Taking Up the Baton: Mary Smith
Meet the Obama alum who is creating new opportunities for Native American girls while blazing pathways of her own.
This year, Obama Administration alum Mary Smith was named the president-elect of the American Bar Association (ABA). She is the first Native American woman to hold the role.
We recently connected with Mary to discuss her new position; her decision to start the Chicago-based Caroline and Ora Smith Foundation for Native American girls in science, technology, engineering, and mathematics (STEM); and how her experience in the Obama administration influences her work today.
Lawyers play an especially unique and critical role right now given the threats to our democracy.”
—Mary Smith, 2022
Q: First off, congratulations on your new role! What are you hoping to accomplish at the American Bar Association?
A: I joined the American Bar Association as a way to be a part of something bigger than myself. The American Bar Association touches so many people around the globe. I draw inspiration from all those in the legal profession who serve the profession and those around them. One of the areas on which I plan to focus is helping the next generation, similar to the goals of the Obama Foundation. I plan to include young lawyers in everything I do and to work with our Young Lawyers Division on programs to help young lawyers navigate the practice of law and become better lawyers, but also to help them with wellness and self-care.
Lawyers play an especially unique and critical role right now given the threats to our democracy. We, as lawyers, have an important and indeed central role in keeping democracy alive. We are the keepers of democracy. As the keepers of democracy, we have to lead. The ABA has to lead. The rule of law, the integrity of the fundamental right to vote, and protecting the independence of the judiciary will always be our special responsibility.
I hope that my position as the first Native American woman president of the ABA appeals to all parts of the legal profession—those people who are first generation lawyers, people who worked in the House, people who worked in government, and, of course, gives Native American lawyers inspiration and shows them that they can do anything.
Q: How did you join the Obama administration and what was your role?
A: During the Obama administration, I was on the transition team. At the beginning of the administration, I worked in a senior role at the Department of Justice before getting a call out of the blue toward the end of the administration from then-Secretary of Health and Human Services, Sylvia M. Burwell, regarding serving as CEO of the Indian Health Service, a $6 billion organization that provides health care to over two million Native Americans around the country.
For every job I take, I ask myself, “Am I the right person for this role? And will I be able to make a difference?” As CEO of the Indian Health Service, I wanted to help improve the lives of Native Americans around the country. My grandmother was my inspiration in accepting the position. My grandmother who was Native American was born in Westville, Oklahoma, which was one of the endpoints of the Trail of Tears. She grew up in a family of 16 kids, only 10 of whom lived above the age of three because of a lack of adequate health care. I wanted to honor my grandmother by improving health care for Native Americans and providing better access to healthcare for Native communities.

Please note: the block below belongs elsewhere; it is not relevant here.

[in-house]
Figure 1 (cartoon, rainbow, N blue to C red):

At the Indian Health Service, I started every day thinking about the patients and ended every day thinking about them. I did my best to improve health care for American Indians and Alaska Natives.
Q: How do you carry your heritage into each role you take?
A: I often think about my mom and my grandmother—how resilient they were, how strong they were, and I try to take some inspiration from that. They taught me to follow my heart and be proud of who I am. My goal is always to make a difference. I draw motivation from Wilma Mankiller, the first woman Principal Chief of the Cherokee Nation once said, “The secret of our success is that we never, never give up.”
Q:To wrap up, I was hoping you could tell us about the Caroline and Ora Smith Foundation. What inspired your mission to empower Native American girls in STEM?
A: After I left the Obama administration, I wanted to continue empowering Native American communities and to honor both my mother and my grandmother. Caroline Smith was my mother and best friend, who sadly passed away a few months ago.
I created the Caroline and Ora Smith Foundation to honor them, but also to empower the next generation of Native American women and girls to study science, technology, engineering, and math.
We started a few years ago, and one of our first programs was a partnership with the American Indian Center in Chicago to sponsor a STEM summer camp. After the pandemic, we pivoted to virtual programming. This year we were able to join in-person and be a part of the STEM summer camp with Northwestern University, Chicago Public Schools’ American Indian Education Program, and the American Indian Center. It was a wonderful opportunity for the kids to learn about science while still honoring Indigenous traditions and knowledge.
Meet other Obama alumni creating positive change in their communities:
This Obama alum is using stories from our past to help communities move forward today.
Brian Wallach and Sandra Abrevaya
These Obama alumni met on the 2008 Obama presidential campaign. When Brian was unexpectedly diagnosed with ALS, they created the organization I AM ALS.